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Kanaka 'Oiwi MethodologiesMoolelo and Metaphor$
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Katrina-Ann R. Kapa'anaokalaokeola Nakoa Oliveira and Erin Kahunawaika'ala Wright

Print publication date: 2015

Print ISBN-13: 9780824855857

Published to Hawaii Scholarship Online: November 2016

DOI: 10.21313/hawaii/9780824855857.001.0001

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Reproducing the Ropes of Resistance: Hawaiian Studies Methodologies

Reproducing the Ropes of Resistance: Hawaiian Studies Methodologies

Chapter:
(p.1) Reproducing the Ropes of Resistance: Hawaiian Studies Methodologies
Source:
Kanaka 'Oiwi Methodologies
Author(s):

Noelani Goodyear-Ka‘ōpua

Publisher:
University of Hawai'i Press
DOI:10.21313/hawaii/9780824855857.003.0001

In this chapter, the author considers some of the methodological foundations that have been laid by late twentieth and early twenty-first-century scholars who developed contemporary Hawaiian studies. The author explores four concepts to illustrate the need to use a Hawaiian studies methodology when conducting research: lāhui (collective identity and self-definition), ea (sovereignty and leadership), kuleana (positionality and obligations), and pono (harmonious relationships, justice, and healing). These concepts are central commitments and lines of inquiry that are hallmarks of Hawaiian studies research, and each could also be seen as ʻaho, single cords, that when braided together form a “rope of resistance” connecting the scholar to the scholarship. In discussing Hawaiian studies methodologies, the author interweaves the life of her maternal great-great-grandmother, Ana Kaʻauwai, with her own journey as a Kanaka ʻŌiwi scholar navigating the emerging discipline of Hawaiian studies. She also gives examples of selective promiscuity in articulating and practicing Hawaiian studies methodologies.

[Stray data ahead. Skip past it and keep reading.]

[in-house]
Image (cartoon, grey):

Keywords:   collective identity, Hawaiian studies, lāhui, kuleana, Hawaiian studies, positionality, sovereignty, leadership, Kanaka ʻŌiwi, justice

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